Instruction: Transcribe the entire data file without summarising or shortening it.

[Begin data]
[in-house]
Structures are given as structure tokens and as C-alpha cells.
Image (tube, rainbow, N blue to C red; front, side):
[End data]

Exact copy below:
[in-house]
Structures are given as structure tokens and as C-alpha cells.
Image (tube, rainbow, N blue to C red; front, side):